Oil, Growth, Sustainability - How the world cannot continue as it has, for much longer.
Not a blog today, just a fascinating, though older video showing the mathematics behind growth, and how we fool ourselves into thinking the world can sustain 7% growth forecasts - semiindefinately.
Well worth the hour long watch if you have the time.
Exponential and logarithmic thinking at work.
Wednesday, October 29, 2014
Friday, October 24, 2014
The Four F’s of Investing Behavior.
One of the first things I learnt in Psychology 1011 a lifetime ago, was the basic framework of the “Four F’s” to explain most basic human and animal behavior.
Otherwise known in part as the “Fight or Flight response.”
The Four F’s:
“Fornication.” (Resisting using the other term!)
Since I’m sure that most wont forget to eat while trading ….. or do the other thing, I was thinking how easy it is that we go from the fight to flight response under stress.
Having just gone through the correction, our rational behavior, or at least mine was tested by the flight response (fear), despite having a rational belief that “everything would be alright.” No one is immune to emotional behavior sometimes, or certainly instinctual programming. But there is hope.
Fear is often treated in people with phobias (arachnophobia etc) through exposure therapy. I.e. Exposing someone to his or her fear in a safe environment, leading to extinction or reduction of the response to it. Whilst I wouldn’t classify what I felt as fear, there was a little stress and avoidance going on perhaps.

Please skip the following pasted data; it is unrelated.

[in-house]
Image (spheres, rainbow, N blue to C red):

So what makes someone less susceptible to this reaction? Clearly experience, through seeing the events unfold, a skill increase through surviving such events and learning, and a solid foundation/training to rely on.
I bet US Navy SEAL Team 6 would score far less on fear scales under relevant stressors than the typical population does due to intense exposure to those factors above. I also bet they NEVER stray far from their training or procedures!
These days I’m thinking far less about the profit I want to make in the markets, and far more in the learning & conditioning this year should provide. It’s a good thing!
Wednesday, October 22, 2014
(WARNING: This is a bit off topic - a bit of history and then a modern Investing parallel).
Taleb makes an interesting point on history, and Homer’s Iliad, “…the epic poet did not judge his heroes by the result: Heroes won and lost battles in a manner that was totally independent of their own valour; their fate depended upon totally external forces, generally the explicit agency of the scheming gods.” (Taleb, Fooled by Randomness , p39).
“Heroes are heroes because they were heroic in behavior, not because they won or lost.” Of course to prove your heroic behavior, you had to at least survive long enough to do something…heroic! (Luck?/Survivor Bias?).
Take Julius Caesar as an example however. Clearly one of history’s most skilled Generals. But he was also very lucky (…until he wasn’t)! (Hail Imperator!)